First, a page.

Delaying the age at which plan participants must begin drawing down tax-advantaged savings accounts is just one of the nearly two dozen retirement proposals that benefits advisers see as ripe for action in the new Congress.
Proposals that would fine-tune rules on required minimum distributions (RMDs)—annual payments made to retirement-age participants who need to start liquidating their accounts—should be a focus for lawmakers as they weigh which ones to tackle first, advisers say. One of those includes raising the RMD age to 75 from 72.
Lawmakers in both chambers will have to reintroduce any legislative proposals they’d like to advance in the next congressional session. Two retirement bundles benefits advisers expect to see back in play include the Securing a Strong Retirement Act of 2020 and the Retirement Security and Savings Act of 2019.
The twin proposals share 20 provisions, a baseline supporters said paves the way for bicameral agreement. Many of the noncontroversial proposals have been bouncing around Capitol Hill for the better part of a decade.
The Securing a Strong Retirement Act, by House Ways and Means Committee Chairman Richard Neal (D-Mass.), includes provisions to reward plan sponsors that auto-enroll employees into new work-sponsored accounts, expand the reach of multi-employer programs, and modify rules regarding mandatory retirement plan payouts, among others.
The Retirement Security and Savings Act, by retirement policy vets Sens. Rob Portman (R-Ohio) and Ben Cardin (D-Md.), features complementary tweaks to the saver’s credit—a partial tax credit for contributions low-income individuals make to qualified retirement accounts—as well as inherited individual retirement accounts, and start-up retirement savings plans designed for small businesses.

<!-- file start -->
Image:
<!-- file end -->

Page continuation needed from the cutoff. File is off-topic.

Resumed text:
Retirement tax breaks have been a legislative go-to in recent years, finding a home in the 2019 end-of-year-spending bill (Public Law 116-94), the spring 2020 coronavirus relief bundle (Public Law 116-136), and other standalone proposals. Government regulators are still piecing together guidance for 2019’s sweeping SECURE Act—work that’s projected to continue in the next administration.
But with GOP opposition to deficit spending suddenly back on the agenda now that President-elect Joe Biden is poised to take office, passing bills without offsetting tax hikes may prove to be a political nonstarter.
Some of the proposals “may fall by the wayside” as the price tag rises, according to Claire Rowland, counsel at Nixon Peabody LLP in San Francisco. But she said she’s hopeful the seeds of compromise are there.
“The multi-billion dollar question I have to ask here is: Are we going to pay for this bill?” she wrote in an email.
Rowland urged tax writers to focus on: trimming the excise tax on required minimum distributions; eliminating RMDs for account holders with less than $100,000 saved; and raising the RMD participation age to 75.
Elizabeth Drake, employee benefits practice lead at Miller & Chevalier Chartered in Washington, put higher limits on catch-up contributions—additional money those aged 50-plus can put toward retirement at the end of each year—at the top of her list, followed by RMD-related changes, modifications to the saver’s credit, and tax breaks for startup retirement plans.
A Retirement Security and Savings Act provision allowing plan sponsors of overfunded pensions to put surplus funds toward additional health and life insurance benefits rounded out her legislative to-do list.
“This provision is both timely and critical, given the effect of the pandemic on business revenues,” Drake said.
Patrick Allen, a partner at Womble Bond Dickinson US LLP in Winston-Salem, N.C., was split on the various RMD provisions, ranking the proposed age bump and $100K threshold higher than tinkering with excise taxes.
“It is more beneficial to limit the universe of participants who are required to take RMDs than to reduce the excise tax,” Allen said.
Susan Jordan, employee benefits practice co-chair at Fox Rothschild LLP in Pittsburgh, ranked the RMD provisions as most critical while dismissing some of the other proposals as historical busts.
“Tax credits for startup retirement plans never have had much impact and isn’t even on the radar,” she said. “The Saver’s Credit, likewise, has minimal perceived value.”
On the regulatory side, Drake urged Department of Treasury and IRS officials to continue clarifying the tax treatment of inherited IRAs.
“The SECURE Act provisions that eliminated the ability to ‘stretch’ post-death payments are substantial changes to what were already complex provisions,” she wrote in an email. “Because these changes became effective in 2020, we hope that this guidance is high on the priority list.”